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Constellation is used to support our academic reading, writing and thinking skills by looking at different concepts in art and design fields. We had to choose three different study groups that I am interested in and for the constellation, I was put into the study group “Critical Practice”. Critical practice wasn’t my first choice for the constellation, I was very unsure with what it is and what it meant. When we first started the constellation lecture, a lot of new information thrown into my face and I was quite lost during the first few weeks of the constellation. During most of the lectures, I stayed quiet even when I didn’t understand what something meant. Not asking questions towards the person teaching me have always been one of my biggest weaknesses that I need to improve on. This is because asking for help can benefit me so much during my studies. But also I get to understand the topic more and seeing a different perspective of it. Each week, we were given various tasks at the end of each lecture for us to think independently about what criticality mean. The tasks given were hard, but it made me look further into the topic which helped me gain more knowledge. Though, I still found it very challenging!
During the first lecture for critical practice, Theo, our constellation tutor, gave us a lecture on the key ideas of criticality in art and design. He then showed us a variety of different examples of critical design. An example of this is Thomas Thwaites’ Toaster Project (Figure 1). Thomas used speculative design proposals to create his own toaster using only raw materials. He does this by challenging the norm and using unorthodox methods to create it. Which is what I think critical practices are all about- putting a spin onto the original idea. This toaster project gave me a better understanding of what critical practices are all about.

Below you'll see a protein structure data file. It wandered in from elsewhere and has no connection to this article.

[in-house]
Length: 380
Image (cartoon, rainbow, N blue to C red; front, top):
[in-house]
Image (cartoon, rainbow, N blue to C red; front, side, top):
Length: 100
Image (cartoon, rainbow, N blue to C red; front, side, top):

We were then given a task where we had to pick an image of a piece of art/ design that embodies ‘criticality.’ I found this task very challenging as I didn’t have much understanding of criticality, but also because it was only our first constellation session. As I said earlier, not speaking out to them when I don’t understand something is one of my biggest weaknesses. When we were given this task, I didn’t understand anything about criticality, so it was hard to pick something that embodies it. However, this was a paired task, and my friend that I was working with had a little bit of an idea of what critical practices is, even though she knew the slightest, it still helped me immensely. We chose the painting ‘Girl Before A Mirror’ by Pablo Picasso (Figure 2) because this image shows self-criticality. The woman standing in front of the mirror sees a different ‘person’ and sometimes when you’re looking at yourself in the mirror, you don’t only see the external you, but you can also see the internal you.
We were looking at the critical perspective of key players on the second week of the constellation. A critical perspective is being able to compare and discuss your feelings towards a subject, in this case, interpretations of art and design. Here, we looked at images that established the norm and criticizing it.